The information encoded by VO neurons could also be combined with other vestibular pathways to produce an estimate of our current orientation in space during self-generated motion. VO neurons are well situated within extensive cerebellar and cortical recursive networks. The nodulus–uvula of the cerebellum receives inputs from vestibular afferents (Korte and Mugnaini, 1979) and is thought to be reciprocally connected to VO neurons (Wylie et al., 1994; Voogd et al., 1996; Wearne et al., 1998). The transformation of head-centered motion information into an inertial (gravity-centered) coordinate frame requires the nodulus–uvula (Angelaki and Hess, 1995; Wearne et al., 1998). In addition, many cortical areas involved in spatial representation, navigation, and gaze control receive vestibular information and in turn project back to the vestibular nuclei (for review, see Fukushima, 1997). For example, posterior parietal neurons have been shown to encode body-referenced and world-referenced information in two separate streams (Snyder et al., 1998) and project via direct and polysynaptic pathways to the vestibular nuclei (Faugier-Grimaud and Ventre, 1989). Indeed, it has been suggested recently that VO neurons transform vestibular head-in-space information into body-in-space coordinates (Gdowski and McCrea, 1999). However, although this proposal is consistent with the observation that VO neurons reliably encode passive head-in-space motion during simultaneous passive whole-body rotation and active head-on-body motion, it cannot account for our finding that neurons continue to encode head-in-space velocity during passive rotation of the head on a stationary body. Thus, VO neurons do not simply transform head-in-space signals into body-in-space coordinates but rather encode vestibular information from which self-generated head-on-body motion has been selectively eliminated. We suggest that this behaviorally dependent processing of vestibular information contributes to both the control and maintenance of posture and the computation of an internal estimate of spatial orientation.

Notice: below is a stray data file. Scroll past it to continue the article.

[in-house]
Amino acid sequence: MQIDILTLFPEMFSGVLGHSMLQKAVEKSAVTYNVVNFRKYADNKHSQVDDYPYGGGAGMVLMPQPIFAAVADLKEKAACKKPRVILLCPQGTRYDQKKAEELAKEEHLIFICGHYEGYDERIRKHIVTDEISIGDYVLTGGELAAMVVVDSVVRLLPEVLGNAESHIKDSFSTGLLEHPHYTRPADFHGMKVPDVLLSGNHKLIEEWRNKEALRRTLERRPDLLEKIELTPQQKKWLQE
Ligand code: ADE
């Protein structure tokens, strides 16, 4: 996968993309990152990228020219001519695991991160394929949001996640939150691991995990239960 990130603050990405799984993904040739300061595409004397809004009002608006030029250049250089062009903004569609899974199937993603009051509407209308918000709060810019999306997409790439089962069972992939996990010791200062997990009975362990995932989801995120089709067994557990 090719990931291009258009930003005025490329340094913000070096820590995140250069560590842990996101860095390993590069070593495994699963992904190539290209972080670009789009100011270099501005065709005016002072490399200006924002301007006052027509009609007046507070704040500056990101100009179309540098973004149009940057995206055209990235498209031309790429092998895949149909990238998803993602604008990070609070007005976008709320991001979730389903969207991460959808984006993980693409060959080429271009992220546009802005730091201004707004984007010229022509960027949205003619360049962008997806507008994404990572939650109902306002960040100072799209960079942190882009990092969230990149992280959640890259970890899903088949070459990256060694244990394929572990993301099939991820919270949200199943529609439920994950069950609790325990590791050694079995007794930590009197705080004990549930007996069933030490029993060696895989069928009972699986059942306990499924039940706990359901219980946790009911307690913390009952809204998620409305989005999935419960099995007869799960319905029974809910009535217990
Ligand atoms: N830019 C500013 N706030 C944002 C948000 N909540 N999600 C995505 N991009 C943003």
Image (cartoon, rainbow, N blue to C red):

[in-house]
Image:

This study was supported by the Medical Research Council of Canada. We thank Drs. D. Guitton, D. Watt, and G. Mandl for many helpful discussions, P. A. Sylvestre, M. Huterer, and A. Dubrovsky for critically reading this manuscript, and M. Drossos, W. Kucharski, J. Knowles, and A. Smith for excellent technical assistance.
Correspondence should be addressed to Kathleen E. Cullen, Aerospace Medical Research Unit, 3655 Drummond Street, Montreal, Quebec, Canada H3G 1Y6. E-mail:.